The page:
Every year or so, maybe even twice a year I’m confronted with the statement ‘SEO is DEAD’, it’s a bit dramatic isn’t it? It’s come up enough times for me to now face it head on and ask… is it though?
On our latest ClickTok we heard from Organic Search Executive, Jake McCreith who touched upon the reasons why SEO is still very much alive. The 90 second limit of ‘Reels’ didn’t really allow Jake to go into much detail, so that’s where I come in.
A brief history of SEO
The art of SEO has been practised and refined for well over two decades. Although the first website was created in 1991, SEO didn’t appear until a few years later.
Bob Heyman and partner Leland Harden, coined the term Search Engine Optimization back in 1995. 27 years later, and SEO is still an incredibly relevant practice to have in your marketing arsenal.
SEO – in a few words – came about from a “temper tantrum” (for lack of a better phrase). The manager of the rock band Jefferson Starship discovered the band’s website was on page four of the search engine results page, and was understandably a “bit upset”.
The creation of search engine ‘Backrub’ in 1996 saw the use of inbound link relevancy and popularity to rank websites. This would eventually become Google, which was registered a year later.
Danny Sullivan (who now works with Google), started ‘Search Engine Watch’ the same year as Google registered its domain, it became (and still is) one of the primary sources of information about SEO, tips on Internet search, and ranking better in search engines.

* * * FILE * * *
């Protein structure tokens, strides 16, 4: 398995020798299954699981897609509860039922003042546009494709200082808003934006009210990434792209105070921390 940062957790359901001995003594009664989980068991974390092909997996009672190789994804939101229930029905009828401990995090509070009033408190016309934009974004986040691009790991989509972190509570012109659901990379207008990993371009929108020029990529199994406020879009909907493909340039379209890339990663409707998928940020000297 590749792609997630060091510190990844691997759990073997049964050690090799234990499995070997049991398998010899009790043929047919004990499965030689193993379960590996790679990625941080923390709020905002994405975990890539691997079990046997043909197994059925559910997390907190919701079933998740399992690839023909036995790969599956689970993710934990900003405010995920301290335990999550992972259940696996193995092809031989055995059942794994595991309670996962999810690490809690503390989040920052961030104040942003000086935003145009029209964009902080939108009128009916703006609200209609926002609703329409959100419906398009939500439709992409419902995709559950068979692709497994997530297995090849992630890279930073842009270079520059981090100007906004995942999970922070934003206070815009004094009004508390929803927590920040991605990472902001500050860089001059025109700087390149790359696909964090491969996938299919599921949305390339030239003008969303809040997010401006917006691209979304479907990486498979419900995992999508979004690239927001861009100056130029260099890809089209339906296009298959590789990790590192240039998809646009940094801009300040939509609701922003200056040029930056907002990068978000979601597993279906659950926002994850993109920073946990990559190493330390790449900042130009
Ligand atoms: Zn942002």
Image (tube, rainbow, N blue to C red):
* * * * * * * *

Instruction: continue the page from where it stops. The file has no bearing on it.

2003/4 saw the first major Google algorithm update, a link analysis algorithm dubbed ‘Florida’ which was a major disruption to many sites.
Fast forward to 2010/11 and search engines focused their ranking efforts on quality over quantity. In a nutshell, the development has aimed at delivering searchers and users results of higher quality and relevance.
Supply and demand
Today, 53% of all website traffic comes from organic search.
2019 data from LinkedIn’s ‘Sales Navigator’ revealed that 47.5 thousand job openings were listed on the platform in the US alone and 909K professionals in the US with “SEO” in their profile. Which meant that there was a ratio of 20:1 for every job.
61% of B2B marketers stated that SEO and organic traffic generate more leads than any other marketing initiative, with more than 200 ranking factors influencing your search efforts – this isn’t really much of a surprise.
Currently, the number of searches on Google worldwide stands at over 9 billion per day.
It’s foolish to say that SEO is dead when considering these statistics, but it would also be foolish of us to say SEO is a static part of marketing – it’s ever-changing and has been rapidly evolving over the years.
The evolution of SEO
The reluctance to bring up the Coronavirus pandemic is strong, but is too much of an important factor to the evolution of SEO not to discuss.
Over the last 5 years Google has invested significantly in enhancing the user experience by providing increasingly accurate and relevant search results. In more recent years (from March 2020), in the UK there has been a dramatic increase and consistent upward trend for the search term ‘SEO’, see below:
Although the data may not directly correlate with the COVID-19 health and economic crisis, it’s fair to assume that the increased demand for SEO is based on anecdotal evidence and market trends.